Philanthropist Goes His Own Way To Find Causes
Former Dean Paul Brest is quoted in the San Francisco Chronicle in an article about a different way of charitable giving:
When it comes to giving away money, Bill Somerville doesn't mess around.
Quite possibly the Bay Area's fastest philanthropist, Somerville gives away $5 million a year to fight poverty, granting each proposal he likes within 48 hours.
He calls it "paperless giving," and he's made it the hallmark of his Philanthropic Ventures Foundation in Oakland, as well as his mantra for transforming the way money flows in America from the rich to the poor. Charities typically must submit multi-page grant proposals and wait months, even years, for grants. With Somerville's foundation, it's just a talk, a handshake and a whole lot of trust.
Critics say the approach doesn't work for large-scale, international poverty work. But Somerville is convinced he's found a better path to giving.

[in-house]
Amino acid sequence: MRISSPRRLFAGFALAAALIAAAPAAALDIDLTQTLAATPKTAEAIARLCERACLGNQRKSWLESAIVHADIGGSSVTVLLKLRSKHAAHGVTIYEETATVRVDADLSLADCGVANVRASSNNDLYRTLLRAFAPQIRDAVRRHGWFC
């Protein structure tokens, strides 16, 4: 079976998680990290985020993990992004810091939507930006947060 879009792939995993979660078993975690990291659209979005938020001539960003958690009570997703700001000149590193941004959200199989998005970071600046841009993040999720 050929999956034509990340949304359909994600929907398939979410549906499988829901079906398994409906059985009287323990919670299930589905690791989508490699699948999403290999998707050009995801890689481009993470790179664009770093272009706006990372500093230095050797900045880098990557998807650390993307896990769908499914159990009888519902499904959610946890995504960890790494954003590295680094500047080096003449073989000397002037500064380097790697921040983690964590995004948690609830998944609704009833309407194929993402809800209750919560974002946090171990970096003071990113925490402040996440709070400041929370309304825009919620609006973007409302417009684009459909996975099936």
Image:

"His approach makes sense for certain organizations that are smaller in scale," Paul Brest, president of the William and Flora Hewlett Foundation, said in a recent panel discussion on philanthropy with Somerville in San Francisco.
"But if you are granting $10 (million) or $20 million to improve the educational development in an entire country, you do need a strong evaluation process. Fax grants are not for the Gates Foundation that is trying to develop a vaccine," he said.